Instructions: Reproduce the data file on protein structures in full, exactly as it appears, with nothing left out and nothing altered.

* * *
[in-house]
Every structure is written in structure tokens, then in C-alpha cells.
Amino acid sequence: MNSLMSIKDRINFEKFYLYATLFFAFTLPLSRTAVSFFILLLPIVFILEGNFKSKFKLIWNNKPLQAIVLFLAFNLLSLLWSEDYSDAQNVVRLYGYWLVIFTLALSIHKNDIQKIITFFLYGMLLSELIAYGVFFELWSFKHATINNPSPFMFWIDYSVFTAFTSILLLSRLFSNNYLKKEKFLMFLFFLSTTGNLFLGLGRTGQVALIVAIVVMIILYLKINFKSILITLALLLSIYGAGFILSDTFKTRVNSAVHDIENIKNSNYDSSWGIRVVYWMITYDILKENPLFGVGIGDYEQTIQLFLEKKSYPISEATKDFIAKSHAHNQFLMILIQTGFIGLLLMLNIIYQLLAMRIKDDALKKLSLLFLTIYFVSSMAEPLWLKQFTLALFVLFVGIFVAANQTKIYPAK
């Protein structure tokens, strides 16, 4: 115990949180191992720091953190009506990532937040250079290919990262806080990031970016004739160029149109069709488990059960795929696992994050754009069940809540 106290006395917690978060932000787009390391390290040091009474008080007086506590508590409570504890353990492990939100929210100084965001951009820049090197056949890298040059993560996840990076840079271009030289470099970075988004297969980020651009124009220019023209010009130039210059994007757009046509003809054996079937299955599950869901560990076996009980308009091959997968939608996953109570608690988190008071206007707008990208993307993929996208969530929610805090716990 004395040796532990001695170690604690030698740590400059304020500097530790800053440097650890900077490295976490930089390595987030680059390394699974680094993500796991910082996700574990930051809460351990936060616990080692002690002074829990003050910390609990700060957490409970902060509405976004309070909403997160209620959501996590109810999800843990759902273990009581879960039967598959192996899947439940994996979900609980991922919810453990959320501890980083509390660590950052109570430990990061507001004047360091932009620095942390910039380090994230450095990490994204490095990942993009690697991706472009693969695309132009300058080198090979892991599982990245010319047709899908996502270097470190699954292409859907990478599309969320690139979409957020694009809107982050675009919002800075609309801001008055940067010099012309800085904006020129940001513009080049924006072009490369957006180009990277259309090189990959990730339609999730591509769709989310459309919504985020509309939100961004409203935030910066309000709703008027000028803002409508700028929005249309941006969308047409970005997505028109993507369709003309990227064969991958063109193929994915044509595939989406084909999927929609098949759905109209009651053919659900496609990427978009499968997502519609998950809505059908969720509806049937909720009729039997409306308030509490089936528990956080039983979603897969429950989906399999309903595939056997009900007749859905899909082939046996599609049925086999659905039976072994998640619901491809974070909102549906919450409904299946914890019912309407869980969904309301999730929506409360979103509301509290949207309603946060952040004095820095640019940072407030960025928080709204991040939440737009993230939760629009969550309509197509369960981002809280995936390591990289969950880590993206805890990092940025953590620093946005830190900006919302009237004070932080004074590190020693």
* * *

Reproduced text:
[in-house]
Every structure is written in structure tokens, then in C-alpha cells.
Amino acid sequence: MNSLMSIKDRINFEKFYLYATLFFAFTLPLSRTAVSFFILLLPIVFILEGNFKSKFKLIWNNKPLQAIVLFLAFNLLSLLWSEDYSDAQNVVRLYGYWLVIFTLALSIHKNDIQKIITFFLYGMLLSELIAYGVFFELWSFKHATINNPSPFMFWIDYSVFTAFTSILLLSRLFSNNYLKKEKFLMFLFFLSTTGNLFLGLGRTGQVALIVAIVVMIILYLKINFKSILITLALLLSIYGAGFILSDTFKTRVNSAVHDIENIKNSNYDSSWGIRVVYWMITYDILKENPLFGVGIGDYEQTIQLFLEKKSYPISEATKDFIAKSHAHNQFLMILIQTGFIGLLLMLNIIYQLLAMRIKDDALKKLSLLFLTIYFVSSMAEPLWLKQFTLALFVLFVGIFVAANQTKIYPAK
């Protein structure tokens, strides 16, 4: 115990949180191992720091953190009506990532937040250079290919990262806080990031970016004739160029149109069709488990059960795929696992994050754009069940809540 106290006395917690978060932000787009390391390290040091009474008080007086506590508590409570504890353990492990939100929210100084965001951009820049090197056949890298040059993560996840990076840079271009030289470099970075988004297969980020651009124009220019023209010009130039210059994007757009046509003809054996079937299955599950869901560990076996009980308009091959997968939608996953109570608690988190008071206007707008990208993307993929996208969530929610805090716990 004395040796532990001695170690604690030698740590400059304020500097530790800053440097650890900077490295976490930089390595987030680059390394699974680094993500796991910082996700574990930051809460351990936060616990080692002690002074829990003050910390609990700060957490409970902060509405976004309070909403997160209620959501996590109810999800843990759902273990009581879960039967598959192996899947439940994996979900609980991922919810453990959320501890980083509390660590950052109570430990990061507001004047360091932009620095942390910039380090994230450095990490994204490095990942993009690697991706472009693969695309132009300058080198090979892991599982990245010319047709899908996502270097470190699954292409859907990478599309969320690139979409957020694009809107982050675009919002800075609309801001008055940067010099012309800085904006020129940001513009080049924006072009490369957006180009990277259309090189990959990730339609999730591509769709989310459309919504985020509309939100961004409203935030910066309000709703008027000028803002409508700028929005249309941006969308047409970005997505028109993507369709003309990227064969991958063109193929994915044509595939989406084909999927929609098949759905109209009651053919659900496609990427978009499968997502519609998950809505059908969720509806049937909720009729039997409306308030509490089936528990956080039983979603897969429950989906399999309903595939056997009900007749859905899909082939046996599609049925086999659905039976072994998640619901491809974070909102549906919450409904299946914890019912309407869980969904309301999730929506409360979103509301509290949207309603946060952040004095820095640019940072407030960025928080709204991040939440737009993230939760629009969550309509197509369960981002809280995936390591990289969950880590993206805890990092940025953590620093946005830190900006919302009237004070932080004074590190020693």